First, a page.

- Paperback: 336 pages
- Publisher: Oxford University Press; Reprint edition (November 21, 1996)
- Language: English
- ISBN-10: 0195111303
- ISBN-13: 978-0195111309
- Product Dimensions: 8.8 x 0.9 x 5.7 inches
- Shipping Weight: 1 pounds (View shipping rates and policies)
- Average Customer Review: 80 customer reviews
- Amazon Best Sellers Rank: #651,482 in Books (See Top 100 in Books)
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At Home in the Universe: The Search for the Laws of Self-Organization and Complexity Reprint Edition
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The best treatment I have yet encountered about how order emerges naturally -- and possibly even necessarily -- out of chaos. Profoundly important, and considerably more informed than better-known pop-science treatments of chaos theory. Very highly recommended.
"Courageous....I guarantee that any reader whose imagination has survived an academic education--or has never been exposed to one--will learn a lot, and be changed forever."--Ian Stewart, Nature
"A new and far-reaching theory of order in the universe, introduced by a pioneer in that theory's development."--The Washington Post Book World
"Kauffman has done more than anyone else to supply the key missing piece of the propensity for self-organization that can join the random and the deterministic forces of evolution into a satisfactory theory of life's order."--Stephen Jay Gould, author of The Panda's Thumb
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The author's conviction to both his argument and the science of complex systems is evident throughout the book. If you are coming to this book without much background in complex adaptive systems, you will not be short-changed here. In fact, Kauffman provides extremely rich examples with numerous simple diagrams to educate the reader as he builds his case. Considering the book was published some 7 years ago, I was surprised to see the concept of gene networks given so much attention in the text. Seeing how the latest trend in genomics research is looking at genes and proteins as a regulatory network and attempting to identify specific disease pathways, the science in this book is extremely relevant.
There can be challenges in reading books like this and Bateson's in that significant parts have still not gained wider awareness. They can sound unfamiliar, lack substantive follow up and, I imagine, for those who have not long been on the emergence/complex/systems track, they may seem counter-intuitive. They predate catch phrases like "unknown unknowns" or "black swans" which might make their central relevance to today's challenges more obvious.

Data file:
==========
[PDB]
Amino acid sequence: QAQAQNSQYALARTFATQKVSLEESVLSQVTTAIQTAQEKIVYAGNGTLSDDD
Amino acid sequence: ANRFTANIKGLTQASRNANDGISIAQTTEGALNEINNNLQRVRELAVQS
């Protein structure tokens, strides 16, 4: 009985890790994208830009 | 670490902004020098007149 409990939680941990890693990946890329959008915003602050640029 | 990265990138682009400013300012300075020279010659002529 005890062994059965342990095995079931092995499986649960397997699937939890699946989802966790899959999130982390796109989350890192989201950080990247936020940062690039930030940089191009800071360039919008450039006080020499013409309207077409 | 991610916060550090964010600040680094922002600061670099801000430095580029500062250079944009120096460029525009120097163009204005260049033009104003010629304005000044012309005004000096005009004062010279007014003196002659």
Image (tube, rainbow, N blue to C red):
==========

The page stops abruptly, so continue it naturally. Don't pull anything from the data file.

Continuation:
Kauffman's unifying tactic is exploring how the least accessible parts of the panarchy of natural systems improve their position on fitness landscapes, a mathematical representation reliant on ready mental movement from higher dimensional state spaces to the hills and valleys of familiar physical topography. To that end, he has applied simplified models to search for general principles. His results support a strong case that large gains and radical change come early, after which it becomes an ever more difficult struggle to gainfully inch further from an established viable position. This principle enables him to propose convincing scenarios for the origin of life, the Cambrian explosion and contemporary technological change; arguably the three most significant things we could seek to understand since the origin of the multiverse.
This book reflects the peak of Santa Fe's excitement over the edge of chaos--border of order, an idea for which I had come to feel the lone defender early this decade. It is a bemusing sidelight to finally reading this book in 2009, that my own as yet unpublished current research has finally made clear something that had been hinted at but never expressed outright since Wolfram's 1983 notion of Class 4 cellular automata: that we have set up a false dichotomy between chaos and order which we need to leave behind if we are ever to understand that essential complexity arises best in circumstances where there is creative synergy between even deterministic chaos and emergent order.
My only real quibble with Kauffman is that he came to this work with a wish to justify his feeling that we should be "at home in the universe" rather than totally defined by historical contingencies, aka accidents. At least he is up front about wanting that finding and, by extension, an endorsement of capitalist/American triumphalism. It would have been preferable if he had come with an open mind to whatever he might find. I suspect reality might prove a bit more contingent than he would be comfortable with, but that his broad principles of fitness landscape navigation might also prove ever more useful as they are better understood.